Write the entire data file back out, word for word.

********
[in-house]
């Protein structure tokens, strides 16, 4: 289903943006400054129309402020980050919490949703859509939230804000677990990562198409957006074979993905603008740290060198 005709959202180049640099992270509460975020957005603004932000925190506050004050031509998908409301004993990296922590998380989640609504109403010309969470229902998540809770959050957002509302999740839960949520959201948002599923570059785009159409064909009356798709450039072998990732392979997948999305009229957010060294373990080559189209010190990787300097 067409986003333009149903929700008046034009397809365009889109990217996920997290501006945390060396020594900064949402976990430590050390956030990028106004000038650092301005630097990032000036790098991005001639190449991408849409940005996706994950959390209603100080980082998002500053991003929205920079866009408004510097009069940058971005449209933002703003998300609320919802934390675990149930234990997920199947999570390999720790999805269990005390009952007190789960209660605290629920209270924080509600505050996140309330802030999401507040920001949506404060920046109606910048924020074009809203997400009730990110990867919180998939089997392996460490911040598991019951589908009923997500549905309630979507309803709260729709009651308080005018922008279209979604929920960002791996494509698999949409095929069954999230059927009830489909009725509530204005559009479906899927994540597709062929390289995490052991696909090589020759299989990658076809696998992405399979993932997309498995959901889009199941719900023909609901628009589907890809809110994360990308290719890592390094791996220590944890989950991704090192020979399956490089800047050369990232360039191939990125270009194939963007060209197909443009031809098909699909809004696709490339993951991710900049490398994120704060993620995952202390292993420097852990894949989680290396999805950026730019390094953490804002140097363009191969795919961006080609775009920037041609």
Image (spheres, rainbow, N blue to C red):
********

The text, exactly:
[in-house]
């Protein structure tokens, strides 16, 4: 289903943006400054129309402020980050919490949703859509939230804000677990990562198409957006074979993905603008740290060198 005709959202180049640099992270509460975020957005603004932000925190506050004050031509998908409301004993990296922590998380989640609504109403010309969470229902998540809770959050957002509302999740839960949520959201948002599923570059785009159409064909009356798709450039072998990732392979997948999305009229957010060294373990080559189209010190990787300097 067409986003333009149903929700008046034009397809365009889109990217996920997290501006945390060396020594900064949402976990430590050390956030990028106004000038650092301005630097990032000036790098991005001639190449991408849409940005996706994950959390209603100080980082998002500053991003929205920079866009408004510097009069940058971005449209933002703003998300609320919802934390675990149930234990997920199947999570390999720790999805269990005390009952007190789960209660605290629920209270924080509600505050996140309330802030999401507040920001949506404060920046109606910048924020074009809203997400009730990110990867919180998939089997392996460490911040598991019951589908009923997500549905309630979507309803709260729709009651308080005018922008279209979604929920960002791996494509698999949409095929069954999230059927009830489909009725509530204005559009479906899927994540597709062929390289995490052991696909090589020759299989990658076809696998992405399979993932997309498995959901889009199941719900023909609901628009589907890809809110994360990308290719890592390094791996220590944890989950991704090192020979399956490089800047050369990232360039191939990125270009194939963007060209197909443009031809098909699909809004696709490339993951991710900049490398994120704060993620995952202390292993420097852990894949989680290396999805950026730019390094953490804002140097363009191969795919961006080609775009920037041609």
Image (spheres, rainbow, N blue to C red):